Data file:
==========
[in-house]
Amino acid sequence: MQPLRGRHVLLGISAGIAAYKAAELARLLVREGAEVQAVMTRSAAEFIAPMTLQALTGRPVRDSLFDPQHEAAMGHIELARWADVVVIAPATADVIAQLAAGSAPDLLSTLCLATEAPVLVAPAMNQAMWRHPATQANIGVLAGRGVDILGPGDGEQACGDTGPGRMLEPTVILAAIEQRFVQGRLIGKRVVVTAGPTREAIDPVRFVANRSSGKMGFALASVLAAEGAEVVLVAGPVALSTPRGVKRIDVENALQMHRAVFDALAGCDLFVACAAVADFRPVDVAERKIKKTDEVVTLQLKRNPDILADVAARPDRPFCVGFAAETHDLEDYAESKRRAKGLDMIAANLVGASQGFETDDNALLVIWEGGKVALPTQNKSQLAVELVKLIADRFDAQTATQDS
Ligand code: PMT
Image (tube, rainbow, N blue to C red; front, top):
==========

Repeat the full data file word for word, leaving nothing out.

[in-house]
Amino acid sequence: MQPLRGRHVLLGISAGIAAYKAAELARLLVREGAEVQAVMTRSAAEFIAPMTLQALTGRPVRDSLFDPQHEAAMGHIELARWADVVVIAPATADVIAQLAAGSAPDLLSTLCLATEAPVLVAPAMNQAMWRHPATQANIGVLAGRGVDILGPGDGEQACGDTGPGRMLEPTVILAAIEQRFVQGRLIGKRVVVTAGPTREAIDPVRFVANRSSGKMGFALASVLAAEGAEVVLVAGPVALSTPRGVKRIDVENALQMHRAVFDALAGCDLFVACAAVADFRPVDVAERKIKKTDEVVTLQLKRNPDILADVAARPDRPFCVGFAAETHDLEDYAESKRRAKGLDMIAANLVGASQGFETDDNALLVIWEGGKVALPTQNKSQLAVELVKLIADRFDAQTATQDS
Ligand code: PMT
Image (tube, rainbow, N blue to C red; front, top):